March 20, 2014 at 1:37 PM | by | Comments (0)

Our Assistant Editor Will McGough hiked amongst the giant sequoias in Yosemite National Park. Below, he describes his experience.

As I was walking through Mariposa Grove and seeing the sequoia trees for the first time up close and personal, I was having trouble envisioning any amount of words that would do them justice and describe them appropriately. It split me down the middle. For a traveler, it's a hell of a feeling. For a writer, it's just hell.

Along with its cousin, the more slender and usually taller Coast Redwood, the giant sequoia tree is one of the largest living things on earth with a height up to 250 feet and a 25-foot diameter. About 500 of them call Mariposa Grove home, one of only 75 groves in which they are found today (all of them are in California). The oldest trees are approaching 3,000 years old, meaning they were saplings well before the fall of the Roman empire in the late fifth century and seedlings at a time when the world's population was only 50 million in 1000 BC. That's incredible.

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Yosemite's 'Firefall' Waterfall is Incredibly Cool, But Extremely Rare

March 19, 2014 at 10:42 AM | by | Comments (0)

Travelers wishing to see the waterfalls of Yosemite National Park at their best should schedule their trip during the spring months, when the winter snow melts and plunges down towards the valley floor in full force. The summer months, by contrast, are extremely dry and the waterfalls tend to turn off.

Those visiting Yosemite during the colder months should be warned of the chance of snow closures and reduced accessibility, but those within weekend or day-trip distance of the park might be interested to know that winter does offer visitors the chance to see a pretty cool phenomenon that happens only during a certain window of time in February, when the setting sun shines in a unique way on Horsetail Fall and creates a "Firefall."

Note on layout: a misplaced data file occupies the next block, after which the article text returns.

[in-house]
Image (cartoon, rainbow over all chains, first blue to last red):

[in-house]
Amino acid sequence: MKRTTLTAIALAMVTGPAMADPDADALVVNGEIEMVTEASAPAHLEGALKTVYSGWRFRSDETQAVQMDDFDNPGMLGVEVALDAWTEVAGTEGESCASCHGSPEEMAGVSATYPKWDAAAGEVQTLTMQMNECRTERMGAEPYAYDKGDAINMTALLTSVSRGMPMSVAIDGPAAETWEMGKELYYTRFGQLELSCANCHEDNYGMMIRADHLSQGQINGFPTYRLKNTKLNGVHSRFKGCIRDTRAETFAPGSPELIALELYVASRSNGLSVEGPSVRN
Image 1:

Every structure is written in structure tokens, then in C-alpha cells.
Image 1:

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What's the Difference Between the North and South Sides of Tahoe?

March 19, 2014 at 8:42 AM | by | Comments (0)

Have questions you want answered? Write us, or hit us up on Twitter or Facebook.

If you're driving south along the western side of the lake, Emerald Bay, shown in the photo above, is the gateway to the town of South Lake Tahoe. That's a big thing to remember right there, the fact that we refer to South Lake as an actual town, compact and comprised of hotels, restaurants, casinos, and Heavenly Mountain. You can see its size on the map below, marked off in yellow - the only of its kind in the region.

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Why Yosemite National Park's 150th Birthday is Both Important and Inspiring

March 18, 2014 at 4:50 PM | by | Comments (0)

This year, Yosemite in California celebrates its 150th birthday, dedicating the entire year to its past, present, and future as a leader amongst national parks in the States.

It was the first time the Federal Government ever set aside a piece of land for preservation when Abraham Lincoln created the Yosemite Grant in 1864. Specifically, the grant protected Yosemite Valley, seen above from the classic "tunnel view" lookout, and Mariposa Grove, which harbors the huge sequoia trees found in southern part of the park (we'll take a closer look later this week).